Her intervention will be seen as an appeal to MPs to support amendments likely to be laid when the Government introduces its emergency legislation later this month.

On Thursday, Jeremy Hunt, the Chancellor, admitted that the Government could not guarantee migrant flights would take off next year, while James Cleverly, the new Home Secretary, said “the timescales that we are looking at can vary depending on circumstances” although he was “absolutely determined” to make it happen before the election.

Mr Sunak faces the legislation being thwarted by the Lords with peers branding it a “constitutional outrage” and “profoundly discreditable” on Thursday and warning it would be “completely bogged down” by “constructive obstruction” and “eternal ping pong”.

The Prime Minister’s treaty is expected to be published on Monday and the emergency law will be introduced a week later.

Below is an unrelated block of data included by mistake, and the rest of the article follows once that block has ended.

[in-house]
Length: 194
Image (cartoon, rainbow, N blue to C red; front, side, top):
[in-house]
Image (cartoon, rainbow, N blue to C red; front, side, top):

The legislation will declare Rwanda safe and bar anyone from lodging a legal challenge against the policy as a whole. Individual migrants will, however, still be able to appeal against deportation by using human rights law and other domestic and international legislation.

‘Fundamental’ problem

Under the legally binding treaty, to be approved by Parliament, Rwanda will commit not to deport anyone sent to them by the UK. This aims to prevent any deported migrants from being sent to their home country where they could face persecution, the reason why the Supreme Court ruled the original plan unsafe.

However, Mrs Braverman says the treaty and new law would not answer a “fundamental” problem identified by the Supreme Court that Rwanda could not be trusted to fulfil its commitments not to remove anyone.

“To try and deliver flights to Rwanda under any new treaty would still require going back through the courts, a process that would likely take at least another year,” she says.

“That process could culminate in yet another defeat, on new grounds, or on similar grounds to Wednesday, principally, that judges can’t be certain Rwanda will abide by the terms of any new treaty.

“Even if we won in the domestic court, the saga would simply relocate to Strasbourg where the European court would take its time deciding if it liked our laws.”

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